The Venture Capital Firm is Born — 114

The Private Equity Fund is Born — 114

The Leveraged Buy Out Arrives — 115

Pension Plans Buy in to Private Equity Investing — 116

The Hostile Takeover Epidemic — 117

The Role of Michael Milken — 117

Milken Flexes His Funding Muscles — 118

Corporate Titans Are Shaken by an Upstart — 119

The Government Fights Back—For Real — 119

Giuliani Plays Hardball with RICO Threat — 120

Milken Pleads, and NOT to Engaging in Insider Trading — 121

And Drexel Fails — 122

And Restructures Its Own Board of Directors — 122

Lasting Impact of Milken and Drexel Burnham — 123

Private Equity Goes Public — 123

Chapter 13: The Rise of Hedge Funds and Emergence of Aggressive

Activism — 125

Hedge Funds Remain Largely Opaque and Unregulated — 125

Hedge Funds Emerge as Activists — 126

Traditional Institutional Investors Join the Fray — 127

The Current Impact of Activism — 128

Voting Results on Shareholder Proposals — 129

Chapter 14: The Evolution of the New York Stock Exchange — 131

Part III: The Role of The Board133

Chapter 15: Clarifying the Rights and Roles of the Board and the

Shareholders — 137

The Board Serves the Corporation as Its Agent — 138

The Powers of the Board — 139

Public Company Ownership — 140

Functional Principles of the Board — 141

Accountability of the Board — 143

Defining Board Success — 143

The Purpose of the Corporation Project — 145

Short Termism Really Is a Problem — 146

Chapter 16: Assessing the Proliferating Policies and Principles — 149

OECD Encourages Adoption of National Codes of Governance — 150

Other Voices Join in — 150

Chapter 17: Considering the Proposed New Paradigm — 153

Summary Roadmap for the New Paradigm — 153

The New Paradigm Attempts a Synthesis of Good Corporate Governance

Concepts — 155

Proposed Investor Behavior — 158

New Paradigm Proposes Integrated Long-Term Investment Approach — 159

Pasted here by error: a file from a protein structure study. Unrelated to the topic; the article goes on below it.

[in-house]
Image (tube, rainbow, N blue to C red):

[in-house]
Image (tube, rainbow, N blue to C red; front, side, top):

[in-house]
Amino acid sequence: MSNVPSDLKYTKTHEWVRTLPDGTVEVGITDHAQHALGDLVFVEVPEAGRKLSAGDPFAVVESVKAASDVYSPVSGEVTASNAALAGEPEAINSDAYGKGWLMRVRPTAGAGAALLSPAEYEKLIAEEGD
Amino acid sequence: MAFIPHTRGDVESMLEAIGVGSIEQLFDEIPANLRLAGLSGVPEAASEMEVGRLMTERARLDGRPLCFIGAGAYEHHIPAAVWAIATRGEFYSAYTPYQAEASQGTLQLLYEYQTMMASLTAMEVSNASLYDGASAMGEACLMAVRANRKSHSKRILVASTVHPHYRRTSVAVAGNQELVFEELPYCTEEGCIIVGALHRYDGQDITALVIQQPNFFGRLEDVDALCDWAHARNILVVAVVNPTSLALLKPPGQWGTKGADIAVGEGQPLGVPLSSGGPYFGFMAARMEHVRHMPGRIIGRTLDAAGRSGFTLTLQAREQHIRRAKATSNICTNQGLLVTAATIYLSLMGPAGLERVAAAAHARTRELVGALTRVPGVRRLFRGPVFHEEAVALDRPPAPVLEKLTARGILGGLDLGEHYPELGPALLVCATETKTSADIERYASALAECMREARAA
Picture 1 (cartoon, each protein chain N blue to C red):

Proposed Integration of Citizenship Matters into Investment

Strategy — 159

Proposed Disclosure of Investor Policies and Preference — 160

And Now Comes CIRCA, Council for Investor Rights and Corporate

Accountability — 161

Activist Playbook — 162

Proxy Fights and Shareholder Candidates — 163

The Bower and Paine Analysis of Maximizing Shareholder Value as

Corporate Goal — 163

The Dangers of Agency Theory — 165

Part IV: Doing the Job169

Boards Must Protect Corporation Regardless of Conflicting Agendas — 169

Chapter 18: Review Issues for Boards to Address Highlighted by NYSE — 171

Executing the Work of the Board — 173

Chapter 19: Establish the Appropriate “Tone at the Top” — 175

Relentless Focus on Ethical Behavior and Discerning the Right Thing to

Do — 178

Training as to What Ethical Behavior Means is Important in Our

Changing World — 179

Ensure Reports on Compliance are Made Directly to the Board

Periodically — 179

Chapter 20: Choose the CEO Wisely and Actively Plan for Succession — 181

Keep the Emergency Succession Plan Current — 181

Build a Future View of Company Needs into Longer Term Succession

Planning — 182

Setting Criteria and Developing Possible Candidates — 182

Work with the Incumbent — 183

Know Your Senior Management Team — 184

Chapter 21: Develop a Strong Organizational Framework — 187

Chapter 22: Tailor Board Work to the Company — 189